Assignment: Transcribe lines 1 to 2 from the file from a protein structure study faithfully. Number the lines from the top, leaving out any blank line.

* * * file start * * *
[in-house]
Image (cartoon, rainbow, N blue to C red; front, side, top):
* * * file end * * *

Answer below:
[in-house]
Image (cartoon, rainbow, N blue to C red; front, side, top):